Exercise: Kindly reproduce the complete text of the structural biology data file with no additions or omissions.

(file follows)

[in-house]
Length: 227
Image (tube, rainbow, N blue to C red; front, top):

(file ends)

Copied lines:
[in-house]
Length: 227
Image (tube, rainbow, N blue to C red; front, top):